He soon found that Sauron had more knowledge of the possible location of the One Ring than he expected, and in T.A. 2941 he finally consented to an Attack on Dol Guldur against Sauron at which point Sauron retreated to Mordor.
In T.A. 2953, the Wise gathered once more to debate about the Rings of Power. Saruman quieted the Council claiming to have the knowledge that the One Ring was lost forever in the Belegaer. Following their final meeting, Saruman took Isengard for his own and fortified it. Saruman, jealous and afraid of Gandalf, set spies to watch all his movements; thus he discovered the existence of the Shire and noted Gandalf's interest in it, and started sending agents in Bree and the Southfarthing. As Lord of Isengard, Saruman began to bring trouble to Rohan by aiding its enemies. Saruman's corruption was complete when, in circa T.A. 3000, he used the palantír of Orthanc and was enticed by Sauron.
Saruman did not reveal his true intentions until Gandalf presented him with the discovery and location of the One Ring. On 10 July, T.A. 3018, Gandalf arrived at Isengard. Saruman demanded that Gandalf submit to him and Sauron or fail. Saruman then stood forth as Saruman of Many Colours, and when Gandalf refused to join with him, he held him captive in Isengard.
It must have been during Gandalf's captivity in Orthanc that Saruman began to build his army of Orcs, Dunlendings, and Uruk-hai, since Gandalf came to an as yet undestroyed Isengard. From the pinnacle of the tower Gandalf could see that Saruman was gathering an army of orcs and wolves in his pits and forges. One can speculate that if matters had developed a little more slowly, his puppet Gríma would have gained full control over Rohan, and the Rohirrim would have been enslaved or destroyed.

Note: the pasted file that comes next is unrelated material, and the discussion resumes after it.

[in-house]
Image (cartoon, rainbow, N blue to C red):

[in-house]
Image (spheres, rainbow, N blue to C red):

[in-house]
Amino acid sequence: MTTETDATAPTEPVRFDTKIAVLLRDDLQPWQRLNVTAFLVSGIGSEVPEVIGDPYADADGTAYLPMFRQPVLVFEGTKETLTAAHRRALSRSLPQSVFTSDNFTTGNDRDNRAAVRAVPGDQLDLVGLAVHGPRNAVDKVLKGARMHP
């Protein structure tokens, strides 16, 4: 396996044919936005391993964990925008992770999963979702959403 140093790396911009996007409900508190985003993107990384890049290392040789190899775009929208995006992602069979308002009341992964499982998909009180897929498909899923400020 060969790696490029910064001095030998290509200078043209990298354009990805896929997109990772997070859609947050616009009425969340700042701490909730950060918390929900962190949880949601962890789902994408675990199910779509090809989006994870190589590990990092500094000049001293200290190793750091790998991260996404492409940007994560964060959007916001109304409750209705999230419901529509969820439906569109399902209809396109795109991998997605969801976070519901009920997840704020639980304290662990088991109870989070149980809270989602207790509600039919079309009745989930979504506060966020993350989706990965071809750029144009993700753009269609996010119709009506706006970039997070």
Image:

Saruman's plans likely failed because he, like Sauron, was forced to reveal his hand early by Gandalf's subsequent escape, and therefore he had little time to perfect his plans. As Saruman considered himself 'unfallen', he honestly believed he had a chance of converting Gandalf to his side, and felt honestly betrayed by Gandalf when he was refused.
Gandalf later escaped, and so Saruman's treachery became known to the rest of the White Council when Gandalf reported it during the subsequent Council of Elrond.
Saruman soon also betrayed his new master Sauron by lying to the Witch-king when he arrived at Isengard. Sauron had sent the Nazgûl searching for Baggins, who had found the One Ring years before, and the Shire, his home. Saruman pretended to know nothing about the Shire. But the Lord of Morgul and his company did not have the strength to assault the Ring of Isengard. Saruman told them that he believed Gandalf knew the whereabouts of the Ring and the Riders departed.
In September of T.A. 3018 the Nazgûl captured one of his Shire spies who told the Witch-king everything, betraying Saruman, and exposing Saruman's double treachery. They also seized some maps and information about the Shire and Baggins. Caught now between both sides as a known traitor to both, Saruman put all efforts into obtaining the One Ring for himself.
The failure to capture the Ring at Emyn Muil further ruined Saruman's plans, as he was revealed as a traitor to Mordor now as well.
Saruman implemented a strategy of attacking Rohan, endeavouring to kill the King's son Théodred, sending spies to waylay Frodo Baggins on his flight from the Shire, and dispatching raiding parties on likely routes a company of the Ring might take to Gondor. Ironically, one of these parties captured Peregrin Took and Meriadoc Brandybuck and transported them to Fangorn Forest in time to mobilize the Ents. Gandalf also suspected Saruman had found (and destroyed) the remains of Isildur, who had worn the Ring before it had been lost.